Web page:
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5 Tips for Parents of Athletes


I have referenced Janis Meredith in my blog before. She has some terrific resources for parents with kids in competitive sports. One of her posts a few weeks ago was titled "10 Things All New Sports Parents Should Know". Here is her list:

1) You will see negative parenting.

2) It could get expensive.

3) You will have coaches you don't like.

4) Officials will frustrate you.

5) Your kid might not be a star.

6) Your child will not always want your help.

7) You will be stretched as a person.

8) Youth sports might get political.

9) You will love watching your child play.

10) Your child could get injured.

(jbmthinks.com)

I don't think this only applies to new parents, but all parents of kids in competitive sports.


In a previous post, I talked about the Team Triangle with regards to effective communication - Parents-Coach-Athlete - mostly from a coach's perspective. I have also been a parent to three teenaged competitive athletes and as such, I have maybe a different understanding of the "triangle" having been in all three roles. I think if there is an overriding element to being a good "sports parent" it would be that you have to understand there are unbelievable opportunities for your athletes to learn life lessons within the structure of a team setting.

So, here are my 5 pieces of advice for parents of competitve athletes:

1) As much as possible, let your athlete advocate for them self. This, of course, is dependent on age but, try to let players communicate with coaches as much as possible themselves. Whether it be a quick e-mail or phone call to say that they are ill and can't make practice, or a sit down meeting with a coach to ask questions about something related to the team. Coaches respond better to their athletes than their parents and, you are teaching your child a great lesson in speaking up for themselves and self-advocating.

2) Always support the coach. You won't always agree with how your athlete's coach is running a team (in fact it would be rare if you did!) but, you are doing your child a disservice by voicing your concerns on a regular basis. Part of a good team is that everyone buys into a vision and systems of play. If you as a parent is undermining the things that a coach is trying to accomplish then the team, and your child, will not be able to succeed.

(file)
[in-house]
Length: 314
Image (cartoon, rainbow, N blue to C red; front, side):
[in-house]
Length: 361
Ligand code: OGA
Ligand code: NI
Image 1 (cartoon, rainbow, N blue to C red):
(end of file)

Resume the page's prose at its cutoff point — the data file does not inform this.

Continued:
3) At the beginning of the season, make sure you understand how the coaching staff is going to coach the team. Be clear about expectations with regards to playing time, team rules and guidelines, discipline, etc. If there is something that you are uncomfortable about it needs to be addressed before it becomes an issue.

4) Be positive. Or maybe more importantly, don't be negative. When your athlete is in the car after a game, he or she doesn't want to hear about how bad the referees were, how coach played certain players too much, how the other team was poorly behaved, etc. Instead, be positive. Talk about the great plays that occurred during the game. Ask about what was fun for your athlete. Or, just ask what they want for dinner. In my experience, players often mirror how their parents are feeling about the team and the games they play. So, it's important that we as parents stay positive for the sake of our kids.

5) Unless there is a risk of physical or emotion harm to anyone there probably isn't any reason to talk to the coach about how he or she is doing their job. Instead of charging to your athletes rescue, find ways to make tough situations better. No athlete is going to go through a whole season without some bumps along the way. Encouragement and good advice is the key to keeping things on an even keel. The vast majority of coaching staffs have a plan and enough expertise to coach competently. Let them do their job and as parents, we will do our job.

I encourage you to read my last two blog posts "Why I Coach" and "7 Ways to Develop the "Team Triangle"". It is my hope that we can all strive to communicate effectively as parents, coaches and athletes to create environments where our kids can enjoy their sports experiences and, at the same time, learn valuable life lessons.


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